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Top React js Carousel Components

Top React js Carousel Components

In this article, we will be covering all about carousel in React JS and how to use them. Before jumping directly to carousels, we will learn about React JS and the basics of how exactly it is used in React JS. So if you are new to all these concepts, don’t worry, we will be covering it right from the fundamentals and will then move to differences. So keep reading.

It is an open-source project and comes under the JavaScript library for building responsive UI designs. It is widely used by multiple organizations for building the front-end of web applications because of the following reasons:

  • It is flexible and helps in building responsive web pages
  • Allows to create of reusable components for UI
  • Easy to build complex interactive web apps because of the state, props, and hooks
  • It has JSX which is useful for converting HTML-like syntax to process JavaScript calls
  • Uses Virtual DOM along with ReactDOM library and keeps everything in sync with DOM
  • Fast due to virtual components.

A micro frontend is a scalable frontend, which means it can be divided into various chunks. It is less bulky and more friendly and easy for developers to divide the tasks among teams. For instance, a social media app built with React JS can be divided into different sets of features and can be handled by separate teams.

If you’re looking for the greatest React Carousels, we’ve got you covered. We’ve compiled a list of the best for you!

fullPage.js

fullPage.js is a wonderful full-screen carousel for React that is fully customizable. The fullPage.js component is the industry leader, with over 7 years of experience and 32K+ ratings on GitHub.

When the user scrolls down, fullPage.js scrolls the entire page at once and snaps to the next area. It’s entirely responsive, free of dependencies, and very light.

fullPage.js

FullPage.js, unlike most other carousels, is designed to be used in full-screen mode and allows you to construct both vertical and horizontal slides. This is what distinguishes fullPage.js from the competition.

It also offers various commercial extensions to add extra functions or effects, in addition to the 50+ adjustable choices.

Swiper

Swiper is a carousel that must be mentioned when discussing carousels. Swiper is one of the best carousels available, with over 28K ratings on GitHub.

Swiper supports RTL, multi-row slide layouts, and a variety of transition effects. Furthermore, it has advanced features such as Virtual Slides and “Two-way control,” which allows you to use Swiper to control any number of other Swipers.

Swiper

It offers a wide range of options, which can be intimidating at first but will undoubtedly give you greater flexibility in the future.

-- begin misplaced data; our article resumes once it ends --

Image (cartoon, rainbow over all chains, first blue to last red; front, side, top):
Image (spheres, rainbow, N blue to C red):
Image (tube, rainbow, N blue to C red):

It’s a carousel worth considering, created by Vladimir Kharlampidi.

If you haven’t mastered React yet, check out our list of the best online React.js courses.

React Slick

Slick began as a JavaScript and WordPress plugin, and a third party has now adapted it to React.

It has all of the elements you’d expect from a carousel of this type, plus a fading effect on top of the standard scrolling effect.

For responsive sliders, this is a fantastic carousel to consider.

Slick

React Swipeable

This is a good option if you want a simple carousel. React Swipeable is a simple-to-use component with a small number of options.

It’s a fascinating truth that you can move the slider by swiping in a precise sequence. It’s not something you’ll find in many other components, which adds to its uniqueness.

Swipeable

React Responsive Carousel

This is a fantastic component of our carousels. There are a lot of possibilities and setups without going overboard.

It comes with thumbnails, vertical scrolling, and a fading effect out of the box. Server-side rendering, lazy load, and presentation mode are among the most complex features.

If you’re particular about the finer points, keep in mind that after releasing the mouse button or removing your finger from the screen, the dragging feature isn’t as fluid as it is in other carousels.

Apart from that, it’s worth noting that this plugin is no longer being developed. The author is simply offering rudimentary assistance and integrating pull requests.

Responsive carousel

Pure React Carousel

A neutral component that will provide you with all the tools you need to make your own slider.

Pure React Carousel, unlike many other carousels, does not include all of the stylings you’ll need for your carousel. It expects you to build your own styling, much as we developers expect the table> element to have the bare minimum of styling.